You may think what level you are is dependent on how flexible or physically able you are - that is not the case. Some people stay in one level for years because that is where they are most comfortable. No matter how flexible you feel you are it is important to start at the beginning, those who have a background in dance or gymnastics should always start with a beginner or level 1 class. Taking a beginner series of classes is essential to learning correct alignment and protecting your body. All classes regardless of level will put emphasis on the breath and body connection while bringing awareness to the body through the calming of the mind. 

Level 1

Level 1 classes guide you through basic asanas (postures) and is suitable for beginners as well as seasoned practitioners. Many people stay here for years and advanced students return often to maintain their relationship with correct alignment. All advanced postures are rooted in these foundations. 


The teacher will often demonstrate postures calling them by their English name while also offering Sanskrit. Expect a well rounded class with modifications and props.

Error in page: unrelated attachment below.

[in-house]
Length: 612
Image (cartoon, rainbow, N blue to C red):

Basic pranayama and meditation. 

Commonly taught asanas:

Downward Dog, Upward Dog, Warrior 1, Warrior 2, Side Angle Pose, Triangle, Sphinx, and boat

Level 2

Level 2 classes build upon foundational postures and depend on students knowledge of safe entry into the foundational asanas. The teacher may instruct Downward Dog as a transitional posture. They will cue postures with fewer alignment cues and instructions while moving at a faster pace, which is why having a working knowledge of yoga is essential. 


The teacher may use more Sanskrit names for postures. The teacher will demonstrate less while walking around the room performing hands on assist. Classes will include inversions. Stamina and endurance will be tested as balance postures will be held longer. More advanced pranayama will be taught, as well as use of mudras, binding, and application of the bandhas. 

Commonly taught asanas:

Wild thing, bird of paradise, reclining hero, arm balances such as crow, inversions such as handstand and headstand, full wheel